Jon Edgar Grant, M.D. University of Minnesota Medical Center
2450 Riverside Avenue
Minneapolis, MN 55454
(612) 273-9736

ADAPT Pharma Provides Free Narcan to Colleges

A Presidential briefing on March 19, 2018 in Manchester, NH was used to announce that ADAPT Pharma has volunteered to provide, for free, the life-saving medication NARCAN® to all U.S. high schools, colleges and universities.

NARCAN® is a name brand overdose antidote (based on naloxone) that restores breathing and consciousness in opioid overdose victims typically within five minutes.

ADAPT Pharma offers a 40% discount off wholesale pricing on the Narcan nasal spray to Law Enforcement agencies and Firefighters as well as non-profit community based organizations.

Seamus Mulligan, CEO of ADAPT, commented in a company press release that ADAPT is committed to raising awareness of opioid overdose risks and distributing NARCAN® widely so that it will be available to bystanders and emergency personnel who can offer immediate help in the event of a crisis.

Posted in Addiction Treatment, Methadone, Naloxone, Opiate Treatment, Suboxone | Tagged , , | Comments Off on ADAPT Pharma Provides Free Narcan to Colleges

What Is Naltrexone

Naltrexone is an opioid treatment medication that works very differently than either methadone or buprenorphine.

Naltrexone functions as an opioid blocker that interferes with the euphoric effects of opiates. Unlike methadone, naltrexone does not eliminate opioid withdrawal. So it is typically only begun following a successful period of opioid detoxification.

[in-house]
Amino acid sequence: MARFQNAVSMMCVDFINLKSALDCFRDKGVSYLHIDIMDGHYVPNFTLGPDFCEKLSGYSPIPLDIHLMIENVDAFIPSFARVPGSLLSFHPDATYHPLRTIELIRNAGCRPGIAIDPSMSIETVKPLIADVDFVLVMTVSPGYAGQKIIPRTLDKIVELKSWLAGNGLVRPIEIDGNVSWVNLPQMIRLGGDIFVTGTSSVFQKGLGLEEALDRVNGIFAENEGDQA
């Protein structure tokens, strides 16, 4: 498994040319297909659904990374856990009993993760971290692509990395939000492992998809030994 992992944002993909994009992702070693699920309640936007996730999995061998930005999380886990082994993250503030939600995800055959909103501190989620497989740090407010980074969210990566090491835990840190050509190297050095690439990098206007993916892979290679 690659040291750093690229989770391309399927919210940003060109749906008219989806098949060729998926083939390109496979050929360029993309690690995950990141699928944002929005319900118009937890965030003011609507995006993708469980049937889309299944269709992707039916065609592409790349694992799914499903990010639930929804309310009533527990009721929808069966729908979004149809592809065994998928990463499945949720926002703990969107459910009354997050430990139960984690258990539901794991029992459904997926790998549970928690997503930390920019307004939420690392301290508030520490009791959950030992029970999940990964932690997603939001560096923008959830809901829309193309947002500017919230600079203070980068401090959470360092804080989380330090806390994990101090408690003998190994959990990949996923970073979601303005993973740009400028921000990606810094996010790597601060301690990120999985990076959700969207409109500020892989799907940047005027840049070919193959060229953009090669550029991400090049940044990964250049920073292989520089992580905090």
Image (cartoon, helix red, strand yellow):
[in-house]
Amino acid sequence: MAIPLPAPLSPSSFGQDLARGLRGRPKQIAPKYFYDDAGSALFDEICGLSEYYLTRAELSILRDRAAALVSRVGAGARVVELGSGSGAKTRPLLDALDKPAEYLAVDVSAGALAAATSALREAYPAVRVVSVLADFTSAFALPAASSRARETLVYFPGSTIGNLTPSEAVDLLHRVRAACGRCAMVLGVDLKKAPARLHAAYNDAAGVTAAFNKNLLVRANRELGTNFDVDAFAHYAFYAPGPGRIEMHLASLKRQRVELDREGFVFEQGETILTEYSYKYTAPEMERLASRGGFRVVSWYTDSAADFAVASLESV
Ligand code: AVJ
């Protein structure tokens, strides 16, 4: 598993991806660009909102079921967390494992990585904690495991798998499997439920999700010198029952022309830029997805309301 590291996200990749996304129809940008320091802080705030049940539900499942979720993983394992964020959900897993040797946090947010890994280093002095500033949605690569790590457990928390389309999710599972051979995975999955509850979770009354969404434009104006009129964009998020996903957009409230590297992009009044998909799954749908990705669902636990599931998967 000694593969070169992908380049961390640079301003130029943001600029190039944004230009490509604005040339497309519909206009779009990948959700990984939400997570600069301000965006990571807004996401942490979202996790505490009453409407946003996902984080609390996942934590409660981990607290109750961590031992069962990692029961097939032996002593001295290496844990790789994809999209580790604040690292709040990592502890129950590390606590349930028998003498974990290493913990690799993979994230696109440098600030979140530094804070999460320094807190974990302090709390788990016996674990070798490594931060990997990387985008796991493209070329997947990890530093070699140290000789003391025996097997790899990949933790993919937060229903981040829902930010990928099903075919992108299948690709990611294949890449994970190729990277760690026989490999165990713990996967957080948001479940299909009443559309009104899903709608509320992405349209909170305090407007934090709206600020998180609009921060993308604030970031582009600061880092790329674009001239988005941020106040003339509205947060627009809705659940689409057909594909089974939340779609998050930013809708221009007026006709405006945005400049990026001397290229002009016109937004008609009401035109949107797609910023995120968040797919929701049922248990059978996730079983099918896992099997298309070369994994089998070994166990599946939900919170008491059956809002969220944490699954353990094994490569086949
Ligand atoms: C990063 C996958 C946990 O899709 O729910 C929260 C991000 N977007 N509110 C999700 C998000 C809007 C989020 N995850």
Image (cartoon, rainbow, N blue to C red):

Naltrexone is taken as a pill or as a time-released injectable. It blocks the feeling of getting high thus deterring a person from continuing in active drug use with opioids. If there’s no pay off for using, why do it?

Some individuals who don’t necessarily require methadone or buprenorphine can effectively utilize naltrexone as a component of their recovery program. Vivitrol is the time-released, branded version of naltrexone that is taken once monthly as an injection. With Vivitrol, the naltrexone remains active in the bloodstream for 30 days and blocks the effects of heroin or other opiate use. This reinforces one’s focus on recovery choices and can reduce opioid cravings.

Patients receiving naltrexone may develop a lowered tolerance to opioids over time, and should remain aware of the risk of opioid overdose should they relapse. The medication is also used in the treatment of alcohol dependency and has been shown to reduce the euphoric effects of alcohol consumption.

Naltrexone is not to be confused with Naloxone. Naloxone is the opioid overdose reversal medication that has recently been in the news for saving thousands of lives across the country.

Posted in Addiction Treatment, Drug Treatment, Methadone Clinics, Naltrexone, Opiate Treatment, Suboxone, Vivitrol | Comments Off on What Is Naltrexone

Billions To Be Allocated In Fight Against Opioid Crisis

The national budget proposal for the 2019 fiscal year includes a request for $13 billion in funding for opioid treatment and related services. This linked Newsweek article states that $3 billion would be allocated in 2018 and another $10 billion in 2019.

Many opioid treatment programs across the country are currently able to add patient slots when additional funding is made available. The opioid crisis has flooded many clinics that are already at maximum census due to limited State and Medicaid funding.

A number of private pay clinics have opened in recent years as the need for medication-assisted treatment increased. If a substantial allocation of government funds becomes available, opioid treatment services will finally come into sharp national focus as scores of people finally obtain the help they need to stabilize and to recover.